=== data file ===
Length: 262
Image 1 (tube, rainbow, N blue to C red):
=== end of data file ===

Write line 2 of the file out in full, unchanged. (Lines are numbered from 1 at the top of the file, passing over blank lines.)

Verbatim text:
Image 1 (tube, rainbow, N blue to C red):